So, I had a good time at, but my laptop died in quite an odd way. I’ll write more about the laptop death in another post. I’ll also write more about in another post. This post is about the laptops resurrection.

I tried to repair the laptop using a windows using a bootable USB rescue disk kindly provided by Jemery and Ronan, but despite taking a long time this just made it worse.

So when I got home I decided to zap everything and install Linux. I’ve been a Windows for a long, long time now. I’ve made various attempts to use Linux instead but I’ve also either hosted Linux in a VM or duel booted and this means I always drift back to Windows in the end, more for the software than the OS. So this time instead of missing the windows software, I’m going to attempt to do things the “Linux way”, meaning instead of using specialist software for each task (ie Visual Studio for coding, Word for writing, Live Writer for blogging etc.), I’m going to try and learn one text editor well and use it for doing all those things in plain text plus markup/markdown.

This new blog is the first visible sign of this. It’s octopress based and hosted on github, if everything works out I’ll eventually migrate my domain and old blog posts here. If it doesn’t it’ll be quietly dropped.

The first 72 hours has had it’s ups and downs. Here’s a summary:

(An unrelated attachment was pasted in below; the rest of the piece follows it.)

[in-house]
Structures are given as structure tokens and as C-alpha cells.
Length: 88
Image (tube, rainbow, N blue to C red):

The good

The Linux terminal is great, light years heard of either cmd or powershell in Windows. If I do go back to Windows, I think I’ll just use Cygwin as my terminal and do more stuff through that.

Having repository based app installation is great, especially as if a command is missing the shell will often tell you what package it’s in.

The bad

The version of LibreOffice wouldn’t open (I didn’t want to use it for writing but I need to be able to read a word doc). Doing apt-get install libreoffice fixed this, but still if it comes pre-installed would be nice if it worked out the box, right?

The latest version of Skype wouldn’t install, so I’m stuck with one from apt-get which has no web cam support.

The cloud disky type thing I’m using,, has a Linux client, but it comes with no installer. You install it where you like. Which had me scratching my head where should I install this?

Octopress depends on version 1.9.3 of Ruby that isn’t on apt-get. The solution seems to be building from source. Getting the right source and building was pretty easy. The problem is running ./configure cleverly doesn’t compile the bits that rely on libraries that aren’t there. This is great if you don’t need that bit, but if you do it sends you down a cycle of find the library, install it then recompile. This is what was missing for me:

  • You need to change the default yaml parser to install a gem that octopress relies on, following the instructions from this post
  • Ensure zlib is installed, the apt-get package name is zlibc on zlib
  • Ensure OpenSsl is installed, the apt-get packages that need to be installed can be found here

On the one hand, this is all noobe stuff, on the other hand it makes me feel I’m climbing a hill that didn’t ought to be there.